Yesterday afternoon I hosted a pool party at my house. It was great fun for the kids, but, as many play dates are, it was really all about the moms having an opportunity to get together. We chatted about parenting and husbands, high school reunions and family vacations. We shared […]
A couple of weeks ago I had a conversation with one of my third grade classes about my elementary school music program. They were shocked to hear that music was my least favorite class. My elementary school years were a particularly tough time for public education funding, and arts education […]
I am the music teacher where my daughter, Chloe, goes to school, and most days I wouldn’t have it any other way. I love my school. I think we do things right most of the time. I completely trust that my daughter is in the hands of people who will do […]
The art form I’ve spent the majority of my career working in is theatre (Yes I spell it “re” because I am from South Africa and live in Canada). I taught Musical Theatre for 11 years and I ran Arts Summer Camps for 10 years that had a large performing arts component. It has always been something that has been very near and dear to me. There is something magical that happens when a group of young people come together to put together a production. They grow. They explore. They realize new possibilities for themselves and for their future.
I had the great opportunity to connect with Autumn Kersey, The Executive Director & Founder of Treasure Valley Children’s Theater, to explore how her school in Idaho is developing 21st Century Success Skills through experiences on the stage. Read about the great work Autumn and her team are doing…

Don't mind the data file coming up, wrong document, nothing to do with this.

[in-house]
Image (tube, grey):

Lisa’s Question: What inspired you to get into theater?
Autumn’s Answer: I grew up in a small town in southern Idaho. I did not come from a privileged background. My mother was very young when she had me and she raised me, for the most part, as a single parent. There was not a lot of room in our life for extras like new clothes, eating out or theater tickets.
I was in 4th or 5th grade the year my mom won tickets to see a local production of “Snoopy the Musical”. The production was staged in a small church and performed entirely by local youth. The show was produced by a small team of volunteers who founded Junior Musical Playhouse, JuMP Co., just a year earlier.
I vividly remember sitting on the edge of the hard church pew yearning to join the cast, not because I wanted to be a star, but because I wanted to belong. Everyone on stage looked so happy to be there! They were working together to create something magical. I wanted to be part of that magic.
Not long after, I auditioned for a school play and got the lead. I also started participating in programs with JuMP Co. Of course, I developed aspirations of stardom, but more importantly I found a home. I was accepted by other kids who, despite our socio-economic and religious differences, were a lot like me. I was encouraged by adults who were not family members. I was challenged to try new things and supported even when I failed. As a confused teenager, the theater was my vehicle to explore emotion, to face challenging situations in a safe space, and to build confidence.
I believe my youth theater experiences saved me from poverty, unplanned pregnancy, drug addiction and suicide. Research suggests that children from single-parent families are more likely to experience less healthy lives, are more likely to drop out of school, experience an unplanned pregnancy, have trouble keeping jobs, and suffer other psychological and social consequences.
During the time I was discovering theater, my mom briefly married an abusive, alcoholic man. While the relationship was short-lived, the impact had lasting consequences. I truly believe, if it were not for the theater experiences and the theater family that embraced me – the rides to and from rehearsal, the anonymous donors who paid my participation fees when my mother couldn’t, the directors and teachers who spent extra time with me, and the countless friends. . . I would have fallen victim to the statistics without these interventions.